By Sara Wright
During my December interview for the internship, then-Acting Director, Vida Nelson, told me about the $2.6 million of federal funding the Commission received to improve education and awareness on workplace sexual harassment. It was an exciting announcement for the Commission and one that would have a meaningful impact for creating safer workplace environments for Yukoners. Thus, it was a no-brainer for me when I was asked if I wanted to focus on more general employment-related human rights matters or workplace sexual harassment. I chose the latter. My choice was not only because of what Vida told me about the federal funding; it was influenced by the experiences I, and so many of my friends, have had, and by the novelty of addressing the field from a legal perspective. Sexual harassment is an issue that has only recently been gaining widespread attention. When I started my undergraduate schooling, it was barely addressed in orientation. Now, it is a common part of the onboarding of students to their universities. Workplaces are finding themselves to be in great need of creating or updating their policies. This was an opportunity to be involved in assisting the facilitation of these improvements.
While, unfortunately, I was unable to actually go to the Yukon to assist in educational presentations and the development of materials in their offices, I was still able to assist by doing legal research on related matters. It gave me some insight into how new the matter is to human rights commissions. Most of the high-paying awards were given in the last 5 years, and there were almost no high awards given over a decade ago. Decisions made in provinces such as British Columbia refer back to decisions made in Ontario because there simply is so little Canadian precedent.
Reviewing policies was also part of my legal research. This was something I was particularly interested in because of my own personal experiences. I remember when I was casually speaking to someone at the Sexual Violence Response office of my undergraduate institution a month before graduating and only then learned that sexual harassment was defined by the recipient of the harassment. It matters how the recipient of the harassment feels, not the intentions of the harasser. As someone who sat through multiple trainings a year regarding sexual harassment, I was stunned that I did not know this. I was also surprised by how that aspect of the definition is sometimes left out of policies.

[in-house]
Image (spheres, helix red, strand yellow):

Though my internship has concluded, I am looking forward to seeing how the Commission moves forward with their five-year project to address workplace sexual harassment awareness in the Yukon. It is sure to be a challenging time, considering how little data there has been for the Yukon specifically in this matter. However, the development of tools and training by the Commission is certain to improve employers’ understanding of what constitutes sexual harassment and hopefully keep perpetuating this positive trend of expanding the understanding behind what constitutes sexual harassment and how to better prevent it from occurring.
 Department of Justice Canada, News Release, “Government of Canada supports a territory-wide initiative to address workplace sexual harassment in the Yukon” (10 December 2010), online: Department of Justice Canada <www.canada.ca/en/department-justice/news/2019/12/government-of-canada-supports-a-territory-wide-initiative-to-address-workplace-sexual-harassment-in-the-yukon.html>.
 Yukon Human Rights Commission, News Release, “Towards a Yukon Without Workplace Sexual Harassment (12 August 2020), online: Yukon Human Rights Commission <yukonhumanrights.ca/news.shtml>.